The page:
Of course, it won't come as a surprise to regular readers of this blog that I am referring to my own internal debate. I've done lots of research on the topic. I've read the blogs and the articles. Basically, for me the main crux of the debate boils down to the following: On the one hand, I could self-publish. I could take my little nest egg and invest it up front. It is a high risk venture, with a possible high rate of return. Higher, possibly, than traditional publishing. However, I would have to work a lot on marketing and invest a lot -- in terms of time -- in networking, in publicity, et cetera. I would have a lot of control over what I publish and when. I would have a feeling of accomplishment that would surpass what I would get from handing my hard work over to a faceless, soulless corporation. And releasing ebooks and limited amounts of physical copies on demand is not extremely expensive, in the end.
So what's a budding (not exactly) young author to do? I thought I had put the debate to bed. I thought I had decided on traditional publishing since I do not exactly have financial largess and I yearn to see a book with my name on it sitting on the shelves of the local bookstore. Never mind that it is a saturated market. Never mind that it is very possible that a large publishing house might decide not to put much money into marketing my book. That's what I wanted, that's what I was going to go for. Find an agent and let the process begin.
But then this happened:
The wave that I spotted far out on the ocean back in April 2011, when the idea for this manuscript first came to me, is cresting. Or perhaps, if it is not yet cresting, it's grown into a Tidal Wave. When I first had that idea and began to write sketches and scenes for the novel, I set up some Google Alerts. Robots, artificial intelligence, automation. Every day for almost three years I have scanned those alerts. And in three years, they have changed a lot. What was once the dominion of engineering websites and robot nerd blogs is now in local daily papers and on national news networks. And then Amazon released this video.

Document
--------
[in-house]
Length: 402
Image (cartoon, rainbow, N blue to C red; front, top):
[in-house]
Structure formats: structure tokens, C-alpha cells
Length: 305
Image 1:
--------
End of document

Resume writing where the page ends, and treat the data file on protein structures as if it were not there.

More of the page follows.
Whether or not it is a publicity stunt is not relevant for this discussion. What is relevant is the reaction to it. People started to take note. People started to talk about this form of automation as if it were possible, as if it were imminent, as if it were real. The number of "what if robots take all our jobs?" articles multiple and even my love and his friends discuss the potential scenarios this innovation suggests.
This is when my novel should be released. This is when the world should have my story. At this moment in history, my manuscript, RoboNomics, is smack dab in the middle of the zeitgeist. Am I afraid of missing that opportunity? Yes. Am I afraid that the world will catch up to the fictional near future I have constructed? You betcha. I don't want to miss this opportunity. I am afraid that if I don't tell this story now, it will expire.
I think I have a solution, however. Lately I have been reading about a new phenomenon, wherein an author is a little bit indie, a little bit corporate: The hybrid author. There is nothing stopping me from publishing RoboNomics by myself while sending off another manuscript -- that thing I call "Otherworldly" which is not time sensitive at all -- to literary agents, is there? Agents want new, fresh material that has not been published elsewhere. They want marketable authors who have show that they have readership. So much the better.
Of course, there is always the problem of editing. I am in the throes of my last manuscript edit of RoboNomics. But that could take an untold amount of time. Two months? Three? I have no idea. It is best if I get the thing out now.
Luckily, there is a solution to that problem as well: Wattpad. I heard about Wattpad ages ago, but I didn't give it much serious thought. It had to do with serialization, and seemed to be filled with teen series written by teens. But lately I have been looking at it again, since I do have a teen series up my sleeve. But it struck me the other day as the perfect solution: I can release RoboNomics chapter by chapter. I can build a readership, work out the kinks in the chapters as I go along, and at the same time save up money for editors and book cover designers, et cetera, in anticipation of binding the whole thing together as a self-published novel. But the real upshot is that this story about automation and its possible effects on the world can be in the public eye. Sure, it will be for free. But at some point the story takes on a life of its own. It becomes more important that it exist in the world than my making money off of it.
So what do you think? Self-publishing or traditional? Which is best? Should self-publishing be legitimized already or is it just a bunch of amateurs fooling around? And what do you think about my serialization scheme?
It's actually helped me a lot to think this out by writing it out. But I am asking because I do indeed need a little input. I keep going back and forth, doubting myself. What would you do in my situation?